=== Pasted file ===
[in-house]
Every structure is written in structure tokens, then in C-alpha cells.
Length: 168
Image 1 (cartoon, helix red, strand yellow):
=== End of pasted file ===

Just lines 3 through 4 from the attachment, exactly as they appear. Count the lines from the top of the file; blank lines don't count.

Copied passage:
Length: 168
Image 1 (cartoon, helix red, strand yellow):